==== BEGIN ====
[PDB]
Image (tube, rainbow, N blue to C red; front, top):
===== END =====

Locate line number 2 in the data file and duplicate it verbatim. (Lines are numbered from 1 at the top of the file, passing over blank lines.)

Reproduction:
Image (tube, rainbow, N blue to C red; front, top):